When Chelsea Knotts called Elizabeth Tiller during the summer of 2008 to ask her about being roommates at Tennessee that fall, it made sense.

The two incoming freshmen met during the interview weekend earlier that year for the inaugural class of the Haslam Scholars Program, which selects only 15 high school seniors annually.

Knotts and Tiller had already been chosen to be a part of the first class of the program and both were going to be on the Lady Volunteers’ track and field team. Knotts came to UT from Ripley, W.V., Tiller from Tuscaloosa, Ala.

Now, four years later, they are best friends, and Knotts, who enjoys hiking and photography, even admitted that people often confuse one for the other.

“It’s been more than just a teammate and a Haslam Scholar,” Tiller said. “Chelsea’s also been my roommate for four years and we do absolutely every extracurricular activity together. It was really nice for her and I to form this instant bond and go to practices together and also have these Haslam classes.”

The scholars program includes a 28-credit hour curriculum, various seminars and community service projects and an all-expense paid study abroad program.

“Elizabeth Tiller and Chelsea Knotts epitomize the scholar-athlete,” Steven Dandaneau, director of the Haslam Scholars Program, said. “They compete athletically at the highest level, but scholarship always comes first. Track requires dedication and true grit, and they have these qualities in abundance. But, as Haslam Scholars, they’re also highly involved in leadership and service, study abroad and intensive research, each and all requiring its own sort of focus and hard work. Few students I have ever known in over 20 years of university teaching match, and none exceed, Elizabeth’s and Chelsea’s inspiring record of academic and athletic achievement.”

The “veritable dynamic duo,” as Dandaneau called them, spends a lot of time with Redeeming Hope Ministries, a grassroots organization that includes members of the Redeemer Church of Knoxville and UT students whose goal is to help the underprivileged and homeless of urban Knoxville, especially in the Fort Sanders neighborhood.

“Last weekend we were downtown as part of First Friday helping to promote this wine-tasting event we’re helping put on for Redeeming Hope Ministries on May 4,” Tiller said.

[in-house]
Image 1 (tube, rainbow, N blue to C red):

On the track, Knotts’ specialty is the 800m. Tiller competes in the 3000m, 5000m, 1500m (outdoors) and mile (indoors). Not surprisingly, both are three-time members of SEC Academic Honor Roll. Knotts is UT’s female nominee for the SEC Brad Davis Community Service Post-Graduate Scholarship and the sole endorsed candidate for the Rhodes Scholarship. Tiller was the 2008 Peyton Manning Scholarship recipient and a member of the 2011 SEC Track and Field Community Service team.

“It’s very unique and we’re very fortunate to have such scholar-athletes (as) a part of our program,” J.J. Clark, UT director of track and field, said. “Chelsea and Elizabeth add to the substance of our team academically and they both have great, great character.”

At the Chancellor’s Honors Banquet on April 9, Knotts was one of seven recipients of the Torchbearer, the highest honor UT awards students. She became just the fourth Lady Vol and 24th athlete to receive the award.

“It’s a real honor to be selected as a Torchbearer,” Knotts said. “I know there’s so many students here that do so much for the community and the university so it’s just a real honor to be chosen by a faculty member and by the committee.”

Naturally, she had help from Tiller.

“I knew that she really wanted the award and she actually asked me to write one of her two recommendation letters,” Tiller said. “That was really interesting for me, trying to encapsulate her in this one little letter. But I was so excited for her when she got it. I know that means a lot for athletics to have only the fourth Lady Vol to even get a Torchbearer award, and it’s huge for the track team. Hopefully it’ll draw a lot of recognition and maybe even better student-athletes in the future.”

Knotts and Tiller will both graduate from UT in May, Knotts in cellular and molecular biology and Tiller in Spanish and public administration. Tiller will stay in Knoxville and start UT’s 17-month MBA program, ultimately wanting to go into non-profit work. Knotts plans to return home and attend medical school at West Virginia this fall, and then begin her residency.

“I think I’ll remember my time at UT mostly with the people I’ve met and the experiences I’ve had with them,” Knotts said. “I think the people have been the most defining part of UT and Tennessee in general. It’s just a great place to be.”